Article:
One of the best parts about implementing a Content Management System (CMS) is putting the power of content creation and editing in the hands of the content owner. Historically, websites or intranets are updated by the content owner sending content changes via email to a developer, designer or web content manager. Followed by edits after they see it in place. And likely additional “tweaks” after that. With a CMS in place, the content owner can edit to their heart’s content.
That certainly sounds easy… and it can be in many situations. Let’s go over some considerations to have in mind when implementing a CMS, migrating existing content and putting in place a workflow for new content.

Choose Your CMS

I could spend a great deal of time on this (and may in a future blog post). Choosing the right CMS to meet your needs can be daunting, even if you have a considerable CMS background. Rather than rehashing a list of CMSs that other sites have pulled off much better than I likely could, here is a comprehensive list of CMSs.
At Isos Technology, we practice using the right tool for the job. We are currently invested in Liferay, Magnolia CMS and WordPress to build sites, including sites that require portal application support. We’ve lived on many platforms and have extensive experience in others that have met our clients’ needs. It is our experience that no CMS can truly do everything, despite their claim. Unless you choose to use WordPress for your entire site, for example, you can, with considerable ease, implement WordPress to be integrated into the user experience to provide a rock solid blog alongside your site’s main content no matter what the rest of the site is built on. Do not use Liferay for your blog! The customizations required will send you or your organization into a tailspin of no return.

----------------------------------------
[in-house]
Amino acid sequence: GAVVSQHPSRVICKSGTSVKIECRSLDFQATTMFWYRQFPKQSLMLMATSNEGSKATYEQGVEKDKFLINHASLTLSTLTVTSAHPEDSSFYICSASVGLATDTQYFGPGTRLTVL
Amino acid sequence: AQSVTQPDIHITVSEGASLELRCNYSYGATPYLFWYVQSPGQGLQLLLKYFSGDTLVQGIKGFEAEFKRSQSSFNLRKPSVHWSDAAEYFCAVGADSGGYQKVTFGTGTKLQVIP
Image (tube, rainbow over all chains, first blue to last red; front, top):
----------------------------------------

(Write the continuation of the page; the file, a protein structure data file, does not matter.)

Keep your technology stack in mind. If you are a Java shop, then choosing a .NET CMS would not be playing to your strengths. Just because that little guy in the corner of your office plays with .NET on the weekends and says he can “do it easily” should not a course of action make. Test drive whenever possible or build out a proof of concept to have your content owners see what would work best for them. You will have your CMS for years to come and with a proper foundation, frequent version updates and some good ‘ol fashion TLC you’ll have a happy home for as long as you need it.
Document everything. People leave, get hit by buses or take on new responsibilities within the organization. Documentation not only helps out the next guy to sit in the seat, but also provides a point of reference for anyone to view at any time. At Isos Technology, we use Atlassian’s Confluence for documentation and Atlassian Jira for Sprint planning and task management.

Build Out Your Governance Plan First

Governance around your website should already be in place, but this might be a great opportunity to start fresh and break away from your dated environment and protocols that made great sense a decade ago. If site governance is a new term or concept for you, worry not – it does not have to be complicated or difficult. You can run as many rules around your site as you or your organization desires in order to meet your needs.